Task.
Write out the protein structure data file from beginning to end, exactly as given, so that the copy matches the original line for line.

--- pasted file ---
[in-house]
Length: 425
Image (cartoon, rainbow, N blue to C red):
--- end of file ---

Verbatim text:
[in-house]
Length: 425
Image (cartoon, rainbow, N blue to C red):